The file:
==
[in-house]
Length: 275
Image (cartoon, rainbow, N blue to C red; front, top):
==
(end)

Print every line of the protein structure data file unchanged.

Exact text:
[in-house]
Length: 275
Image (cartoon, rainbow, N blue to C red; front, top):